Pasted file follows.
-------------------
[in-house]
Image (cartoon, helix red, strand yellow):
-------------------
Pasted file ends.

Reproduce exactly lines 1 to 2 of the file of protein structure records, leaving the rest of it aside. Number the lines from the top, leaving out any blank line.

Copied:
[in-house]
Image (cartoon, helix red, strand yellow):